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Photo: Chip Somodevilla/Getty Images

The Trump administration will soon make it easier for adoption agencies to reject same-sex couples, senior administration officials told Axios.

Why it matters: President Trump is steadily rolling back Obama-era nondiscrimination policies across the entire federal government — including health care, housing and the military.

Details: Former President Obama banned adoption and foster-care agencies from receiving federal funding if they refused to work with same-sex couples. Religious organizations have consistently bristled at that policy, arguing that they're being forced to contradict their beliefs.

  • Administration officials said the White House is weighing two options: either rescinding those rules altogether, or adding an explicit exemption for religious organizations.
  • The debate is mainly about which approach would hold up better in court, the officials said. A religious exemption seems to have the upper hand for now, but that could change.

Trump alluded to this issue at the National Prayer Breakfast earlier this year, but did not announce a formal policy.

  • The process is now far enough along that an announcement could happen by early July, the officials said.

Between the lines: The formal policy would come from the Health and Human Services Department's Office of Civil Rights — which has been at the forefront of Trump's broader effort to accommodate religious organizations and roll back nondiscrimination rules.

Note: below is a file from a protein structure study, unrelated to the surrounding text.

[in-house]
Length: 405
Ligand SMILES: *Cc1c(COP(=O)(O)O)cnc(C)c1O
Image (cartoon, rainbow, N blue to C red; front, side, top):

• The director of that office, Roger Severino, would not directly address questions about the adoption policy during a brief interview, pointing instead to other actions his office has already taken.
  • Just this morning, OCR said it will scrap an Obama-era policy that says doctors can't discriminate against transgender patients. (That policy had already been frozen by a federal judge.) It has also expanded health care workers' legal right to refuse to perform services that violate their religious beliefs.

Go deeper

Special Envoy for Haiti resigns over Biden deportations

Daniel Foote testifies during a Senate Foreign Relations Committee hearing on May 26, 2016. Photo: Drew Angerer/Getty Images

The Special Envoy for Haiti on Wednesday resigned from his position, writing in his resignation letter obtained by PBS that he "will not be associated with the United States inhumane, counterproductive decision to deport thousands of Haitian refugees."

Why it matters: Ambassador Daniel Foote's resignation comes amid heightened anger over the treatment of Haitian migrants and asylum-seekers living in a temporary encampment in Del Rio, Texas — especially after images surfaced of Border Patrol agents whipping at the migrants from horseback.

First-time homebuyers shrink as prices spike

Data: National Association of Realtors; Chart: Axios Visuals

Home sales cooled as prices continued to heat up in August.

Driving the news: The share of first-time existing homebuyers (29%) last month was the smallest in two years, according to new data from the National Association of Realtors.

Mike Allen, author of AM
4 hours ago - World

Airbnb co-founders double Afghan refugee program to 40,000

Afghan refugees arriving at Dulles International Airport in Virginia in August 2021. Photo: Kent Nishimura/Los Angeles Times via Getty Images

Airbnb CEO Brian Chesky and co-founder Joe Gebbia said during a visit to Washington on Wednesday that they're offering temporary housing to 40,000 Afghan refugees worldwide, doubling a previous commitment.

The big picture: The housing typically lasts several weeks, and Airbnb and Airbnb.org provide subsidies to hosts. Hosts and donors also help pay.